But White has spoken with many injured workers who are certified to use medical marijuana in New Mexico, yet have not asked their insurer to pay for it.
They report, anecdotally, that the drug has effectively addressed their pain, White said.
Other cases could benefit from knowing whether medical marijuana helped the claimants in the three New Mexico situations eliminate their narcotic use, Glennon said.
“If they were willing to share that information that would substantiate that medical marijuana is beneficial,” Glennon said. “However, I have a feeling the reason that information is not readily available is they are still doing both.”
Growing Pains in the Sharing Economy
A recent finding that an Uber driver is an employee rather than an independent contractor has focused attention on the future of the sharing economy.
Whatever that future, observers don’t expect that the sharing economy, with its business models that rely on smartphone apps like Uber’s, will have a significant impact on workers’ compensation insurance.
They are, however, watching to see how state labor commissions, courts and legislatures nationwide will address the employment status of people providing a range of services through technology platforms such as those offered by ride-sharing companies like Uber and its rival Lyft.
“We are very interested,” said Peter Burton, senior division executive for state relations at NCCI Holdings Inc., a workers’ comp ratings and research organization.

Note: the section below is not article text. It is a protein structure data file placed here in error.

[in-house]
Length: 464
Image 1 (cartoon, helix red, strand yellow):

“We actively are watching work comp commission decisions as well as legislative decisions.”
But NCCI’s interest in how states will eventually rule on whether workers in the sharing economy will be legally designated as contractors or employees is mostly technical. NCCI wants to stay abreast of matters, for instance, should it need to develop new rates.
So far, there have been few definitive legal determinations on the classification of on-demand workers, and whether app companies linking them to customers must purchase workers’ comp insurance. Consensus may also be elusive.
“It’s going to have to be adjudicated state by state and you are probably going to have all sorts of different opinions,” Burton said.
“Right now it’s still uncharted ground.”
The issue of whether the sharing economy’s on-demand workers should be classified as employees and legally entitled to a range of benefits and expense reimbursements has surfaced before.
“It’s going to have to be adjudicated state by state and you are probably going to have all sorts of different opinions. Right now it’s still uncharted ground.” — Peter Burton, senior division executive for state relations,
NCCI Holdings Inc.
But the topic recently gained increased attention when news stories reported that rapidly-growing Uber — valued at $40 billion — is appealing a California Labor Commission finding that a former chauffeur was an employee rather than an independent contractor as the company classifies its drivers.
The Labor Commission said that Uber could not exist without the work performed by the former driver. It essentially found that Uber exercised enough control over how the driver conducted her work to make her an employee. The ruling requires Uber to reimburse the former driver $4,152 in expenses and interest.
Uber argued that it is merely a technology company that allows drivers and passengers to conduct transportation business. It filed its appeal of the Commission’s ruling to a San Francisco County trial court on June 16.